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New York is known as a state full of diversity. It was the 11th state to enter the Union. So, it’s probably no wonder that it adopted the common core standards when the nation was seeking out a standardised way to define and articulate how children in schools were taught and tested. On January 10th, 2011; the Board of Regents approved these learning standards. This amounted to them adding certain portions to their existing state standards so that they were aligned with common core.

English Language Arts (ELA) and Literacy are areas of focus. Grades prekinderarten through 12 have seen a few differences in their classroom dynamics because of Common Core. ELA and Literacy shows up in History, Science and Social Studies in new ways, as well. This is one new dynamic, known as the cross-disciplinary literacy expectations.

With Common Core Standards there is now a national benchmark that governs how adopting states teach their skills and pass on the required knowledge.

The bottom line is that the Empire State is pulling all stops in order to have students graduate from high school ready in the literacy realm. Along with common core came new learning modules for teachers to use in their instruction. In other words, curriculum materials changed in some instances.

Some of the language amounts to addressing what this college and workforce readiness will look like. Words along the lines of “aligned with college and work expectations,” shows up; meaning that the high school graduate should already be postured to hit the ground running in college if they choose that route, or to easily adapt to the requirements of a job.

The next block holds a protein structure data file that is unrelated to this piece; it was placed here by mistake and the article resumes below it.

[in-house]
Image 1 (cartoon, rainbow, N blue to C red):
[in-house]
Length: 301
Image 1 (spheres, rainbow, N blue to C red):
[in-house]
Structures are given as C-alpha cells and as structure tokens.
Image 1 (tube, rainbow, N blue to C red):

Even though the over-arching requirements look at getting students at this point by the end of their high school years, there’s also end-of-school-year requirements along the way. In addition to endof-school-year requirements, there are requirements that students meet certain benchmarks throughout the year. Every year they are expected to start off with the knowledge gained from the previous year in their arsenal and then be able to build upon that knowledge with more depth. Testing requirements involve using technology based assements and require the use of education headphones.

In ELA and Literacy, as well as other subjects, there are broad requirements and then specific requirements that go into more detail. For example, students have to show that they have the ability to gather, grasp, valuate, synthesize and report on information and ideas. That’s a broad requirement. What this looks like in more specificity is that they need to use media in order to accomplish this, that they should be able to tailor online searches using some offline information and that they have to know the limits of each type of technology so they can select the one more appropriate for a particular search goal.

Another common core addition is that students need to have exposure to increasingly more different reading text as they progress. Teachers now have tools to assess the reading passages for their level of complexity. This tool enables them to tell if one text is more difficult than another. In other words, there’s no guesswork involved when a teacher has to determine where the more difficult text is for the next lesson.


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